Star turns: The winners of 2013

It was a good year for Daft Punk, Naheed Nenshi and the rest of these newsmakers

by Jaime Weinman

Tennis player Andy Murray

Gary Bettman

In his 20th year as commissioner of the National Hockey League, Bettman emerged more powerful than ever from a brutal five-month lockout. Despite calls for his head over the work stoppage, the former NBA executive helped push a deal through with the very simple tactic of removing himself, and his talent for creating controversy, from the collective bargaining sessions. The season was then played with no decrease in fan interest or TV ratings.

Kerry Washington (Todd Green/BuzzFoto/FilmMagic)

Kerry Washington

She’s the only black woman starring in a major American TV series who has managed to last more than one season. Her growing fame from the movie Django Unchained even turned the drama Scandal into a breakout hit in 2013, making Washington one of the few TV stars to gain popularity in an era of rapidly declining ratings.

Alice Munro

Nothing boosts an author’s profile like an award, and Canada’s leading short story writer got the big one in 2013, becoming the first Canadian to win the Nobel Prize in Literature. The legendary prize brought new attention to the 82-year-old author and her books, and raised the possibility that she might come out of her self-imposed retirement: “I have promised to retire,” she told the Wall Street Journal, “but now and then I get an idea.”

Bill de Blasio

His landslide victory in the election for mayor of New York not only made him the city’s first Democratic mayor in 20 years, but the first candidate in years to win on a platform of unapologetic urban liberalism. Vowing to end “stop-and-frisk” and other policing tactics of the Giuliani and Bloomberg administrations, de Blasio provoked warnings that he’d bring the city back to the dark days of Taxi Driver and Death Wish . . . and he won anyway. 1970s nostalgia is still big.

Daft Punk (Reuters)

Daft Punk

This French music duo, they of the robot helmets, may indeed be daft punks, but they’re successful punks: their album Random Access Memories took them to No. 1 on charts all around the world, thanks in part to arguments over what the lyrics were in one of the hit songs: Was it “We’re up all Mexican lucky?” No, it was “We’re up all night to get lucky.” They certainly were.

J.J. Abrams

Actually, the real winner may have been Star Wars, which finally proved itself the more prestigious of the two big nerd franchises: Abrams, who had been directing the Star Trek movies, jumped ship when he was offered the chance to take over the new, Disney-owned Star Wars movies. He dismissed the writer and is now rewriting the script himself, meaning fans can give him almost all the blame when the movie comes out in 2015.

Ted Cruz

He’s only a freshman senator, but in 2013 he managed to make himself one of the most powerful conservatives in America. Cruz, who was born in Canada and graduated from Harvard, is such an opponent of socialism and elites that he led the fight to shut down the government, winning the Values Voters straw poll and becoming a Tea Party favourite for president in 2016. And unlike his father, Rafael, he’s never said Obama should “go back to Kenya.”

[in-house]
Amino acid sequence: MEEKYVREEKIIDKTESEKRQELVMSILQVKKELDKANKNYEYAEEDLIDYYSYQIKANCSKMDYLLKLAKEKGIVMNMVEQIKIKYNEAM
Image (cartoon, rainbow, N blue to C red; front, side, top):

Christy Clark with Alison Redford (Jonathan Hayward/CP)

Christy Clark

The province with less oil doesn’t always lose. Clark, the premier of British Columbia, seemed to get the agreement she wanted in working out a framework for building an oil pipeline between her province and Alberta. Before she would sign on to Alberta Premier Alison Redford’s plan, Clark held out for five conditions that would guarantee a “fair share” of revenues, and got them, though she had to agree not to ask for a piece of Alberta’s oil royalties. Some things are sacred.

Andy Murray

Scottish tennis players have come a long way since Monty Python did a sketch about the nation’s inability to play the game. Murray, from Dunblane, not only won Wimbledon, beating his frequent opponent Novak Djokovic, he was the first British man to win this British tournament since 1936. And he won despite recurring back trouble, which led him into surgery not long after his Wimbledon victory.

Abdel Kader Haidara

He’s the guardian of the literary history of Timbuktu, watching over a family collection of more than 40,000 original manuscripts. During the jihadist takeover of the Malian town, Haidara led the fight to preserve the manuscripts from destruction, hiding them and moving them from place to place until the book-burning threat was over. “It is a heavy burden,” he told Harper’s magazine. “It has aged me.”

Naheed Nenshi (Darren Makowichuk/Calgary Sun/QMI Agency)

Naheed Nenshi

The Calgary mayor almost literally became Superman after his leadership role in getting his city through a devastating flood. Using all the modern tools of communication and a hands-on management style, he was credited with helping boost morale during the disaster. The former underdog emerged with the nickname “Supermayor” and his face plastered on posters of the title character from Man of Steel. Making him, not Ms. Marvel, the first Muslim superhero.




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